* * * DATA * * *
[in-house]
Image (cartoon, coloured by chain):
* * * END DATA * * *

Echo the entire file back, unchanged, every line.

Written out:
[in-house]
Image (cartoon, coloured by chain):